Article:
RAGBRAI XLIII Countdown – July 19-25, 2015
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Tandems. Yes or No?

(38 posts) (16 voices)
Started 9 months ago ago by zabo
Latest reply from kwog 7 months, 1 week ago ago

  • Avatar of zabo
    zabo
  • My wife would like to accompany me this year. I would like that very much. We have been thinking about purchasing a tandem, but I have several reservations about it. Her preference is a recumbent tandem because she liked the seat and the riding position of a Sun that we test drove this summer. Although it was fun to ride, it would not be a choice that I would make because the frame was not very rigid and I am told that it is a poor uphill performer. We would not consider a trike because they are also slow ascending hills.

    Although I am not a really fast rider, but I like the long miles and I like to try to make them fast as I can. I cannot find much time to sit still at many of the pass-through towns because I like to keep going. She would like the scenery, but is much more casual about the pace and would probably want to stop more often. Our hope is that we will hit a happy medium where we can go fast enough to satisfy me (especially ascending hills) and she can get the benefit of a more powerful rider up front. We take short rides on our mountain bikes in our neighborhood together that are fun, but I invariably follow them up with longer ones on my road bike because I want the miles. What is your experience for teams where one member is more experienced and the other is not?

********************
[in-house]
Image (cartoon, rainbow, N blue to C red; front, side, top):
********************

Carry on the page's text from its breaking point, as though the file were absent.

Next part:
I am also concerned about safety due to the longer stopping distance and the wider turning radius of a tandem when so many other riders are around. Is this a tremendous concern for those of you who have experience? I saw many really excellent tandem teams that seemed to be in such complete control, but you can never tell what adventures can arise during the week. Do we need to purchase disc brakes or are regular hand brakes sufficient? Are there other safety concerns that I may not be aware of?

    If you can recommend some manufacturers, it would be appreciated. I hear a lot of good things about Rans, but they look to be difficult to find and they are super expensive. I am also curious about the different drivetrains and their synchronization.

    Thank you in advance for any insight that you can provide.

    Zabo


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    Posted 9 months ago ago #697443

  • Avatar of "Bicycle Bill"
    “Bicycle Bill”
  • A tandem among regular ‘wedgies’ is the cycling equivalent of a semi amongst sports cars.  Most proficient riders on singles are aware of tandems and their limitations in terms of agility and braking distance, but on RAGBRAI you are going to be surround by people that range from former pro racers to those that haven’t been on a bike since middle school.  If you decide to go the tandem route, even a conventional tandem, you will need to become super-aware of what’s in front of you as well as around you 110% of the time.